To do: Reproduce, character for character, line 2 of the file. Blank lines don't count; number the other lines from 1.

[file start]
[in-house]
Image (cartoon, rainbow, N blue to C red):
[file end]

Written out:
Image (cartoon, rainbow, N blue to C red):